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- Propulsion: Gas 2.4L I4
- Mileage: 26 MPG (23 city, 32 hwy)
- Transmission: 6-speed Manual
- Passenger Volume: 126.7cu ft
- Length: 173in
- Wheelbase: 103.8in
- Height: 64.6in
- Weight: 3184lbs
- Cargo Volume: 27.2cu ft
- Front Leg Room: 41.8in
- Front Head Room: 39.2in
- Front Hip Room: 54.1in
- Rear Leg Room: 38.3in
- Rear Head Room: 38.5in
- Rear Hip Room: 49.8in
- Drag Coefficient: TBD
- Drag Coefficient: TBD
The Jeep Compass is the company's new compact crossover offering, replacing the previous car of the same name and the now-discontinued Patriot.
For the most recent model year, adaptive cruise control has been added to the compact Jeep's feature suite. New appearance packages are now available for the Sport (Upland) and Limited (High Altitude) trims. Otherwise, the Compass remains essentially unchanged.
The Compass is a compact crossover, slotting above the Jeep Renegade and below the Jeep Cherokee. It seats five adults in a similar configuration to most midsize sedans.
The previous-generation Compass was, frankly, an unlovable design. Now, the exterior is a compromise between the elegant, upscale musculature of the Grand Cherokee and the youthful, athletic lines of the Renegade.
Jeep has simplified the Compass to a single engine with multiple transmission and 4x4 system options to suit customer needs.
Inside, the Compass features excellent visibility along with a handsomely designed and ergonomically sound center stack. Many surfaces which once felt cheap have been upgraded with the latest redesign.
The dash design flows outward from a prominent infotainment surround, drawing from the same basic design of the Renegade and Cherokee dashboards. The base model comes with a five-inch touchscreen backed up by FCA's updated Uconnect system. As you step up through the trims, that screen grows to seven and then eight-point-four inches (those two larger units also boast Android Auto and Apple CarPlay integration).
Elsewhere in the cabin, prominent improvements include new seats with far more attractive designs and accents; a thick, attractive three-spoke steering wheel; a new surround for the leather-wrapped gear selector (along with a stitched leather boot); a redesigned instrument cluster with a digital information display and significant updates to the dash and trim materials found throughout.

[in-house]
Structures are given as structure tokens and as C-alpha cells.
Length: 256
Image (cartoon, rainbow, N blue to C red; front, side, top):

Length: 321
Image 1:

Rear cargo area checks in at 27.2 cubic feet with the rear seats up and 59.8 with them folded.
Chassis and powertrains
The Compass now rides on a platform boasting a MacPherson strut setup in the front and a Chapman strut setup in the rear.
The Compass is offered with several powertrain configurations, depending on whether you prefer a milder or wilder crossover experience.
The basic configuration is a 2.4L four-cylinder engine paired with front-wheel-drive and a manual transmission. The engine is rated at 180 horsepower and 175lb-ft of torque. This combo is rated at 23 MPG city and 32 highway. 4x4 can be added, at the expense of fuel economy (22/31).
The basic automatic transmission offered on the Compass is a six-speed unit. It's available only in front-wheel drive configurations. The automatic transmission paired to 4x4 models is FCA's nine-speed unit.
Standard and optional equipment
The Compass is offered in Sport, Latitude, Altitude, Limited and Trailhawk variants.
Sport is the base model. Standard equipment includes manual six-way adjustable seats, a 60/40-split folding rear bench, cloth seating with brown contrast stitching, 12-volt power outlets in the cabin and cargo area, a 3.5-inch black and white cluster display, steering wheel controls, single-zone climate control, one-touch front power windows, 16-inch steel wheels and Selec-Terrain drive mode adjustment.
The standard infotainment system includes Media hub (USB port, aux input and in-cabin USB charging) along with six speakers and a 5-inch Uconnect 3 touchscreen display.
Upgrades include seven- and 8.4-inch Uconnect touchscreens with Android Auto and Apple CarPlay integration, a leather seating package, heated seats and side mirrors, a power-adjustable driver's seat, a Beats premium sound system, 115-volt power outlets and an entire suite of upsized wheels befitting each trim and its mission.
Trailhawk is the big daddy. It's equipped with Jeep's Active Drive Low 4x4 system, which includes a step-down gear to simulate a low-range transfer case for serious off-roading, giving the Compass more all-terrain flexibility than other models in its class.
The Trailhawk also gets unique wheels, tow hooks and badges. More importantly, it boasts extra ground clearance, more underbody skid plates and aggressive tires. It also gets unique front and rear bumper covers to improve approach and departure angles.
Standard safety equipment includes seven front driver and passenger air bags, traction control, an electric parking brake, a rearview camera, active headrests, trailer sway damping and hill-start assist.
LaneSense lane departure warning and lane keeping assist is available in a package from the Latitude trim on up, as is forward collision warning with active braking and ParkSense.
Those considering the Compass would be well advised to check out more modern competitors like the Subaru Forester, the Nissan Rogue and the Toyota RAV4.